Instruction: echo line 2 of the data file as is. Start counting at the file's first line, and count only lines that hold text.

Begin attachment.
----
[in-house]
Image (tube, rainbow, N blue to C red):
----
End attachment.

Image (tube, rainbow, N blue to C red):